Study Loans

A Study Loan is a private loan to cover fees, living costs or specific expenses (e.g. funding an elective). Repayments are deferred or reduce until after you graduate, and include interest which is also charged whilst you’re studying.

At the time of writing the previous major provider of study loans had entered administration. is a new company advertising study loans.

We advise thinking very carefully before borrowing money commercially to fund studies as interest rates are very high and as a commercial loan this is not paid back according to income.

What to look for in a loan

Before taking a loan it’s important to shop around as interest rates, fees and eligibility for study loans can vary between banks. Listed below are things you should look for if you are seeking any type of loan.

  • The annual percentage interest rate (APR) – this may be fixed or variable (e.g. ‘floats’ 5% above the Bank of England base rate). Remember that a variable rate will currently be lower than the fixed rate, but is more risky as interest rates can rise
  • Is the loan given in instalment or as one payment? Interest is charged from when you receive the money so you should immediately transfer the loan to a high-interest savings account or an ISA. Only keep the minimum you currently need in your current account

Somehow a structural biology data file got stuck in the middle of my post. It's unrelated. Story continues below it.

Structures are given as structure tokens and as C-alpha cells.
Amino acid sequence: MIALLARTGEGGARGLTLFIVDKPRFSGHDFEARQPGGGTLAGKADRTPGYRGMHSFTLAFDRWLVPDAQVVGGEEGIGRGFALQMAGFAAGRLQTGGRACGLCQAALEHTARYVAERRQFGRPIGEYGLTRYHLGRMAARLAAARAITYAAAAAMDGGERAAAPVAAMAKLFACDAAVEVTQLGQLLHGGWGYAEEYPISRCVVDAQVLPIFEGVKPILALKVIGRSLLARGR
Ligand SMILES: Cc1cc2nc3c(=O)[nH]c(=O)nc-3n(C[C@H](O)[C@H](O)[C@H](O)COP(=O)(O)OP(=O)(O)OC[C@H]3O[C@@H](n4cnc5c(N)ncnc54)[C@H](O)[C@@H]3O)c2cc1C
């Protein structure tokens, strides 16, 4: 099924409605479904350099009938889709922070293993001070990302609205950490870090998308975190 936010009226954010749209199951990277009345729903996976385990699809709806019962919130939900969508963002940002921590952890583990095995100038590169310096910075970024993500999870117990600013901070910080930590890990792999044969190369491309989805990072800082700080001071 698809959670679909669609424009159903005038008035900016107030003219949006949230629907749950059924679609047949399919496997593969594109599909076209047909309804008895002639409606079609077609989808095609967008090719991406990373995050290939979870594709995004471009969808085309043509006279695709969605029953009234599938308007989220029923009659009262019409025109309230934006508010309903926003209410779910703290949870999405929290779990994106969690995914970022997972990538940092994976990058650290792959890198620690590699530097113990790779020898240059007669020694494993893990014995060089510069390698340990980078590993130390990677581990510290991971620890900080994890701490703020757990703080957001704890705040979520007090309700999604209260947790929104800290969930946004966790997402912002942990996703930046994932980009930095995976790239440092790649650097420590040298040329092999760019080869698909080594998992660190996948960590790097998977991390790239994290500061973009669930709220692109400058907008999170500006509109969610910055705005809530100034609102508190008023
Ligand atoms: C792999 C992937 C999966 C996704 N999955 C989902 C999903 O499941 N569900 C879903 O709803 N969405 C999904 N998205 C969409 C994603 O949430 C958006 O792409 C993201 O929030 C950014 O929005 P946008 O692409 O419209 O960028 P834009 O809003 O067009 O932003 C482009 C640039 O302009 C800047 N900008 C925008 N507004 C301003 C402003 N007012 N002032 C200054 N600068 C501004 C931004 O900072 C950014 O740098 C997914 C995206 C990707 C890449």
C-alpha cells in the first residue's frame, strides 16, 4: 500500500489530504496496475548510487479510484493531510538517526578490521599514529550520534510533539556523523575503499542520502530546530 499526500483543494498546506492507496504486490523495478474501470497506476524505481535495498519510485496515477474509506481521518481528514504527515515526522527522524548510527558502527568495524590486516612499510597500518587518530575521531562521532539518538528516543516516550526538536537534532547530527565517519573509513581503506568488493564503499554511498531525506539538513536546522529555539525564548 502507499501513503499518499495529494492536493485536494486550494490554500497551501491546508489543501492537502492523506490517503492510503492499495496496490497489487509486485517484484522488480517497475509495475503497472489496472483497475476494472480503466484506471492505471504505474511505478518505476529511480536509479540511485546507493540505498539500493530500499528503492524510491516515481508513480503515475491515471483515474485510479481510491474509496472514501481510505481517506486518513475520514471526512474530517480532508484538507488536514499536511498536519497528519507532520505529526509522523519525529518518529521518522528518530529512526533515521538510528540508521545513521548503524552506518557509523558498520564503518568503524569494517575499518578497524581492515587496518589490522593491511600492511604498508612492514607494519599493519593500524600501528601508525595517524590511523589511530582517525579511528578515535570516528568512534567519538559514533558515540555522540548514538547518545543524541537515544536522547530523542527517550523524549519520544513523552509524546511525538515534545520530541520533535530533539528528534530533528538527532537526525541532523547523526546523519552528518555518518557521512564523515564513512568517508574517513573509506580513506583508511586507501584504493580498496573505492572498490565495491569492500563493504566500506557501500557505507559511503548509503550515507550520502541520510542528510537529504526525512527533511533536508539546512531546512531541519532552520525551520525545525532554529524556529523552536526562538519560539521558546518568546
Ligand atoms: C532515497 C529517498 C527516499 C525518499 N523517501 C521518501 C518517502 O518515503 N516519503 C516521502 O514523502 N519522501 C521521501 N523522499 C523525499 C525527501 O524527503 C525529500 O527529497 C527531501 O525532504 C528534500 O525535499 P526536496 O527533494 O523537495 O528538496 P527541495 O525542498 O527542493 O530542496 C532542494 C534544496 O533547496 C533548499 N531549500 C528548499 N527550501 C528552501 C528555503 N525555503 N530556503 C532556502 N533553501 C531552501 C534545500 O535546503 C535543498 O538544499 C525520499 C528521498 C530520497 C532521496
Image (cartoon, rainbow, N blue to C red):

• Is there an arrangement fee? Check if it is paid upfront or added to the loan (where you will also be paying interest on it)
  • How many years do I have to repay the loan? Make sure that repayments seem affordable (remember you will be paying off student loans as well). The longer the repayment period, the more interest you will end up paying in total
  • Is there a redemption (early repayment) fee? You can save a lot of money in interest by repaying the loan early but the bank may hit you with a fee for doing so
  • Are there any other fees or requirements (e.g. life insurance)?
  • How long will it take to arrange the loan? You may be able to apply before you begin your studies if you already have a place at med school but always allow plenty of time
  • Can I take a loan from my first year of study?

If you have a history of unpaid debts, too many outstanding debts or even no history of borrowing you could be refused a  Loan. You can check your credit rating – see the links below.

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